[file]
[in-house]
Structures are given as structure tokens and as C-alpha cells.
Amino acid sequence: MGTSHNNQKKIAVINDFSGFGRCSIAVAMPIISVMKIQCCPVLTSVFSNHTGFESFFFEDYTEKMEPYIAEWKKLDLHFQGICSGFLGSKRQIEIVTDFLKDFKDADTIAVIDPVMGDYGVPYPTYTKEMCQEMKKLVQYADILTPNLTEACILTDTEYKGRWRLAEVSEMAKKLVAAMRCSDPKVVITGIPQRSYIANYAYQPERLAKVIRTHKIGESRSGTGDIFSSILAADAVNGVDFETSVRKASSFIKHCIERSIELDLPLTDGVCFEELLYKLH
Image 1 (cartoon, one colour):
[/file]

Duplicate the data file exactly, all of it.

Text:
[in-house]
Structures are given as structure tokens and as C-alpha cells.
Amino acid sequence: MGTSHNNQKKIAVINDFSGFGRCSIAVAMPIISVMKIQCCPVLTSVFSNHTGFESFFFEDYTEKMEPYIAEWKKLDLHFQGICSGFLGSKRQIEIVTDFLKDFKDADTIAVIDPVMGDYGVPYPTYTKEMCQEMKKLVQYADILTPNLTEACILTDTEYKGRWRLAEVSEMAKKLVAAMRCSDPKVVITGIPQRSYIANYAYQPERLAKVIRTHKIGESRSGTGDIFSSILAADAVNGVDFETSVRKASSFIKHCIERSIELDLPLTDGVCFEELLYKLH
Image 1 (cartoon, one colour):